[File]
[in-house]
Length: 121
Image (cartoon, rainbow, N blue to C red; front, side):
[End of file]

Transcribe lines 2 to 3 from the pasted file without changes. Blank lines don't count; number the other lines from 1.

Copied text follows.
Length: 121
Image (cartoon, rainbow, N blue to C red; front, side):